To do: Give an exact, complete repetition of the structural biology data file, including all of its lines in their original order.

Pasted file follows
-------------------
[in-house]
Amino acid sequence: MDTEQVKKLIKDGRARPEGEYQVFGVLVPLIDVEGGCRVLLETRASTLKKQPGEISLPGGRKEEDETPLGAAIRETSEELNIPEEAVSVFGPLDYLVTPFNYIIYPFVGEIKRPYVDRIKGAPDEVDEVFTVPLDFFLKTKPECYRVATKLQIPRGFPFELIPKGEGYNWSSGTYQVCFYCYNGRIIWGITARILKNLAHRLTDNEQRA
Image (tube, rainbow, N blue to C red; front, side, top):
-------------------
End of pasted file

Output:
[in-house]
Amino acid sequence: MDTEQVKKLIKDGRARPEGEYQVFGVLVPLIDVEGGCRVLLETRASTLKKQPGEISLPGGRKEEDETPLGAAIRETSEELNIPEEAVSVFGPLDYLVTPFNYIIYPFVGEIKRPYVDRIKGAPDEVDEVFTVPLDFFLKTKPECYRVATKLQIPRGFPFELIPKGEGYNWSSGTYQVCFYCYNGRIIWGITARILKNLAHRLTDNEQRA
Image (tube, rainbow, N blue to C red; front, side, top):